Why isn't Zofran OTC?
July 18, 2014 1:56 PM   Subscribe

Why isn't Zofran OTC? Re: this response and a recent bout of norovirus where a tab Zofran, passed along by a pregnant coworker, was a savior.

Other friends in the same outbreak (dinner party with a recently sick host) ended up in the hospital for dehydration and passed it to others. I didn't go to the ER, and I didn't pass it to others, because I never vomited. My recovery was remarkably short compared to friends who did vomit and "got it out of their system" (so much "out of their system" that they infected their coworkers and went to the hospital. healthy!)

If such a great anti-nausea med could both reduce the number of people visiting the ER, and limit outbreaks of a pretty common and miserable illness, why isn't it more widely available? The potential for abuse seems low. And, full disclosure: as an emetophobe, the vision of a world with fewer puking people seems ideal!

The side effects don't seem much more severe than other meds that are freely available without prescriptions. Is this an insurance/"big pharma" conspiracy? Why else wouldn't it be OTC?
posted by magdalemon to Health & Fitness (19 answers total) 2 users marked this as a favorite
 
Because of the risk of a fatal heart arrhythmia, I assume.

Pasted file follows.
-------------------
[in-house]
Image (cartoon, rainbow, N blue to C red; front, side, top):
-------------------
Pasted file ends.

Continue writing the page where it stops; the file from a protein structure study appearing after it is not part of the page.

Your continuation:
posted by kindall at 2:02 PM on July 18, 2014 [5 favorites]


As someone with chronic nausea I too was amazed that this medication even exists! I didn't even know about it until I couldn't eat after wisdom tooth surgery. Now I get it via RX when I'm sick and hold onto the extras.

I have No idea why it's not OTC but I would guess it's because it's main use is usually related to chemo therapy. And it can cause bad headaches and constipation. I'm so interested in this. But my guess is maybe the constipation side effect has something to do with it.
posted by Crystalinne at 2:05 PM on July 18, 2014


The FDA seems pretty worried about Long QT syndrome which can apparently be triggered by Zofran among other drugs. By making the drug available only with a prescription, doctors can screen patients for a history of arrythmia and steer them to another method if there is a risk.
posted by muddgirl at 2:14 PM on July 18, 2014


Yep it isn't OTC because sometimes you die when you take it.
posted by Justinian at 2:18 PM on July 18, 2014 [2 favorites]


A quick Google of medications that cause Long QT syndrome/fatal heart arrhythmia shows that Ondansetron (Zofran) is risky only at the 32 mg intravenous dose--eight times the standard effective therapeutic dose! What drug doesn't cause negative effects at 8x the recommended dose (and intravenously!)?

Besides that, the list of medications that can cause Long QT syndrome includes many OTCs. So why those, and not this?
posted by magdalemon at 2:20 PM on July 18, 2014


I believe its "labeled" uses are limited to chemo- and radiation-related nausea; using it for pregnancy morning sickness, or for vomiting viral infections and what have you, are off-label uses and not what it's approved for. I believe a whole separate set of studies would have to be done to approve it for "general nausea," which presumably would be the OTC use.

It also works on your central nervous system (it doesn't settle your stomach; it impedes your ability to feel that your stomach is unsettled); when I was pregnant and they gave me Zofran, part of the whole "informed consent" spiel they gave me was about being unclear about certain central nervous system effects, especially at higher doses.